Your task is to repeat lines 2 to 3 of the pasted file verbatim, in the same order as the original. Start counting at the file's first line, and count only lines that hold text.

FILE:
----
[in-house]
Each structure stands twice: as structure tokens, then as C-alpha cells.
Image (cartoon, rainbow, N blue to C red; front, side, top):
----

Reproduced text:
Each structure stands twice: as structure tokens, then as C-alpha cells.
Image (cartoon, rainbow, N blue to C red; front, side, top):